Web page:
Over 95 percent of second-year J.D. students participate in either a moot court or legal journal, such as the Minnesota Law Review.[21] According to the prestigious law journal rankings recently released by Washington and Lee University School of Law, the Minnesota Law Review, currently[when?] celebrating its 100th volume, ranks 9th among all law reviews. Two journals were ranked at the very top in their subject areas: Law and Inequality (JLI) for family law and the Minnesota Journal of Law, Science & Technology (MJLST) for energy law.

JLI has been the highest-ranked family law journal for four straight years. It also ranked 3rd in minority, race and ethnic issues, 7th in gender, women, and sexuality, and 20th in public policy, politics, and the law.[22]

MJLST has been the highest-ranked energy law journal for eight consecutive years. MJLST was also ranked 3rd in health law, 4th in environmental, natural resources, and land use, 8th in science, technology, and computing, and 10th in intellectual property.[22]

The Minnesota Journal of International Law ranked 16th among all international law journals, moving up from 23rd in 2014. The ABA Journal of Labor & Employment Law is now[when?] ranked 4th for employment law. The law school's faculty-edited journal, Constitutional Commentary, was ranked 2nd in legal history and 9th in constitutional law.[22]

The school's students have won the prestigious Burton Award for Legal Achievement nine times, making the law school one of only seven schools to have received these distinguished writing awards eight or more times.[23]

Current prominent faculty[edit]

The University of Minnesota Law School includes some of the most accomplished and influential scholars in the world.[by whom?][citation needed] The school was ranked 15th among U.S. law schools, tied with the University of Michigan Law School, for the number of times its tenured faculty's published scholarship was cited in legal journals during the period 2010 through 2014.[24]

Law Library[edit]

The Law Library, with over 1 million volumes, is the 7th largest of its kind in the United States.[25] It is open to law students 24 hours a day throughout the year. Of particular note is the Riesenfeld Rare Books Research Center, which houses one of the top three collections of rare legal texts in the nation. For its millionth volume, the law school acquired the papers of Clarence Darrow.[25]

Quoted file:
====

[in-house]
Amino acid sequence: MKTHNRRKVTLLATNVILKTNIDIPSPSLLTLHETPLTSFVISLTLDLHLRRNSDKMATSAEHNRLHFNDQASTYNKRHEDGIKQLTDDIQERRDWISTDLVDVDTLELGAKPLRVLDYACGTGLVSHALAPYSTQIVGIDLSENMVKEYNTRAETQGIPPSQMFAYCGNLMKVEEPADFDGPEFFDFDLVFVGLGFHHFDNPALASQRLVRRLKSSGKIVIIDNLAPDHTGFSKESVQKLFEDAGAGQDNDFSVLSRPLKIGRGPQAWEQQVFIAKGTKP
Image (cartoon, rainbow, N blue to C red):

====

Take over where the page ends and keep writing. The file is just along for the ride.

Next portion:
Study abroad programs[edit]

The law school offers a number of study abroad opportunities and, in 2006 opened a summer study program for J.D. students in Beijing. The program was originally conducted with the China University of Political Science and Law, and after two years it was changed to Renmin University (People's University) in Beijing.[26]

The school also features semester exchange programs with ESADE Faculty of Law in Barcelona, Spain; University of Uppsala, Uppsala, Sweden; Université Jean Moulin (Lyon III) in Lyon, France, Humboldt University in Berlin, Germany; University College Dublin in Dublin, Ireland, Tilburg University Faculty of Law in Tilburg, Netherlands, Bocconi University in Milan, Italy; and Bucerius Law School in Hamburg, Germany. In Fall 2006, the law school announced a new exchange partnership with the Universidad de Montevideo in Montevideo, Uruguay.

Student life[edit]


An annual highlight for the law school is when the student body puts on its own full-length musical: written, performed, directed and produced by the all-student Theatre of the Relatively Talentless (T.O.R.T.). Begun in 2002, the event draws over a thousand audience members each year and features cameos by distinguished alumni and other distinguished members of the Minnesota legal community. For the 2006 show, "West Bank Story" (a spoof on "West Side Story"), tickets sold out within three days. Previous shows include: "The Wizard of Fritz" (2003); "Law Wars" (2004); "Walter Wonka and the Lawyer Factory" (2005); "West Bank Story" (2006); "Frankenlaw" (2007); "Robin Hood, Esq." (2008); "It's a Wonderful Law School" (2009); "A Midsemester Night's Dream" (2010); "Harry Torter and the Magical Law School" (2011); "Alawddin: The Tale of 1001 All-Nighters" (2012); "Back to the Future Interest" (2013); "Clue: A Murder Mystery in Mondale" (2014); "Froze-In" (2015); "Minnesota Jones and the Law School of Doom" (2016); "The T.O.R.T. Producers" (2017); and "Top Gunner" (2018). T.O.R.T. performed "Tale as Old as Time" March 29 and 30, 2019, at the Pantages Theater in downtown Minneapolis. T.O.R.T.'s production of "Lord of the Ranks" was cancelled after COVID-19 made a show impossible. In 2021, T.O.R.T.'s production of "Super Smash Gophers(SSG)" was filmed at the St. Paul Campus Auditorium and screened in Northeast Minneapolis. Participants are known as the TORTfeasors.[27]